Wednesday, September 6, 2017
What can we possibly do?
We aren't tasked with solving the world's problems; we are invited to be guided by Christ
by Sister Annette Koss
Matthew has Jesus saying, “For where two or three are gathered together in my name, there I am in the midst of them.”
Each morning, as I pray with my Community, we break open a scripture and share how it connects with life. Each evening, we do a spiritual reading and connect it with an event. There are so many events in so many places all the time -- immigration, starvation, human trafficking, global warming, homelessness -- what can we possibly do?
We have heard the serenity prayer, and might even have it memorized: “God, grant me the serenity to accept the things I cannot change; the courage to change the things I can; and the wisdom to know the difference.” We are in the space where we can feel and be as it is.
Gracious God, let us come together and pray as one.
Let us trust in you for everything we can and cannot do.
Make us watchers in love over our sisters and brothers.
Let us help them lay their hands on what is justly theirs:
food, shelter, freedom, schooling and human rights.
We trust you are with us when it is easy, and when it is trying.
Give us a hand when love makes demands.
Tuesday, August 22, 2017
Living with purpose
The path to God's kingdom requires giving up our human tendancies
by Sister Francis Bangert
Sunday's readings present the Divine challenge and the human response. We can identify with Jeremiah as he struggles to be faithful to the call because that is often our response. Discipleship is tough, yet rewarding. Jesus minces no words in the Gospel. Deny selfishness, take up the cross, and follow. But why? But where?
Martin Luther King Jr. expressed it in another way: “A person who won’t die for something is not fit to live.” Leaving behind our “me-first” attitudes and embracing a new way of life is marked by caring about the needs of others. Only then can the Spirit of the Risen Jesus flourish so that every human being knows unconditional love, peace, justice, goodness, truth, beauty -- the kingdom of God. Jesus worked and died for God’s dream; Dr. King modeled discipleship for all of us.
Who or what am I willing to “die” for … to go out of my comfort zone to show care for and about?
May the Father of our Lord Jesus Christ enlighten the eyes of our hearts, that we may know what is the HOPE that belongs to our call. (Sunday’s Gospel Acclamation, Eph 1:17-18)
Tuesday, August 22, 2017
'You are the Christ, the Son of the living God'
Peter's perfect words are spoken through an imperfect life - just like yours and mine
A friend’s trust is worth more than gold. This Sunday, we hear Jesus declare his trust for Peter the Apostle. So trustworthy is Peter that Jesus describes him as the rock, the foundation, on which to build His church. Imagine how Simon Peter felt: Honored? Humbled? Overwhelmed?
But Peter was not perfect. In other readings, Peter declares that God should spare Jesus of suffering. Jesus admonishes Peter for suggesting to know better than God. Peter also denies knowing Jesus three times when Jesus is arrested.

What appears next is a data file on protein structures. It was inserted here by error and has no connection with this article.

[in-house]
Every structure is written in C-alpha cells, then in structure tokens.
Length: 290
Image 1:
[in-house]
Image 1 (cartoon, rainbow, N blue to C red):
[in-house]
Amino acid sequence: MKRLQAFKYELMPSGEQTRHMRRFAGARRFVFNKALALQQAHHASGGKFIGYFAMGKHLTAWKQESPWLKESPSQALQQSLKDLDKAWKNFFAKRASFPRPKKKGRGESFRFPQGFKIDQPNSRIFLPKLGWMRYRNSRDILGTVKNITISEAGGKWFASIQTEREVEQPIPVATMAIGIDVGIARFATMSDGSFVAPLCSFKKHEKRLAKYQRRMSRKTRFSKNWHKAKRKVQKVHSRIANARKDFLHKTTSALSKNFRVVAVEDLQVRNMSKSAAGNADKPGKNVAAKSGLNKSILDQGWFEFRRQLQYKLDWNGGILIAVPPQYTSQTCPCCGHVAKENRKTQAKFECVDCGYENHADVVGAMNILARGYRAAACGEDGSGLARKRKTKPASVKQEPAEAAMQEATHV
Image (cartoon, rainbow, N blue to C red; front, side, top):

Peter was not perfect. We are not perfect. But Jesus loves us just the same.
- Jesus asks: “Who do you say that I am?” How do I answer?
- When do I think my plan is better than God’s?
- Can I acknowledge my imperfections and accept God’s forgiveness?
Thursday, August 17, 2017
Keep the faith
Canaanite woman's faith in Jesus shows us how to be persistent in our prayers
by Sister Lynne Marie Simonich
The power of faith. Jesus met up with a Canaanite woman who asked Him to heal her daughter. At first, He refused but upon seeing her deep faith and persistence He responded to her request and healed her daughter. It didn’t matter that this woman was not “one of the flock" or that she was a woman or a Jew or Gentile. What mattered was that she had a deep faith in Jesus!
The faith of this woman brought about a miracle. Her daughter was not with her or even nearby, yet Jesus healed her. How often have we prayed for someone or have been asked to pray for someone? Jesus’ healing power extends to those we pray for in faith.
- Do we take seriously the power of faith? Our faith?
- Who needs our prayers today?
Thursday, August 10, 2017
Not in the wind, not in the earthquake, not in the fire
Encountering the Lord can happen in unexpected ways
by Sister Carolyn Zahringer
What experiences have we had in our lives that have been deeply spiritual encounters with God?
In Sunday's first reading, Elijah encounters God in a tiny whispering sound.
The second reading from Romans poses a challenge to be truthful and to be guided by the Holy Spirit. The Spirit enlightens our journey and feeds our faith.
We have been fed thousands of times by the Eucharist. Where have we been drawn to go because we have been fed? Our eyes of faith allow us to see ways in which Christ is with us in both ordinary and extraordinary ways.
This weekend we as Community celebrate the Jubilee anniversary of seven of our Sisters. Congratulations to each on hearing the tiny whispering sound and accepting the challenge to live according to the Spirit. They have been strengthened by Eucharist to be persons of prayer, presence and hospitality in our Community and the world.
Thursday, August 3, 2017
Special moments with Jesus energize us to do His work
by Sister Elise Cholewinski
“Lord, it is good to be here.” Peter uttered these words when he, James and John witnessed Jesus being transfigured before them on top of a mountain. Jesus’ shining appearance gave them a glimpse of the Resurrection. Our Church celebrates this feast, the Transfiguration, in its liturgy this Sunday.
Jesus was transfigured on Mount Tabor, an oval-shaped mountain in northern Galilee, a few miles from Nazareth. Several years ago I had the awesome opportunity to be on Mount Tabor. We ascended the mountain from the very hot Jezreel Valley, and as we stood 2400 feet above the plain, a cool, refreshing breeze flowed over us. Looking at the luxuriant landscape below, I understood exactly why Peter would have said those words. I told myself that I could stay there forever.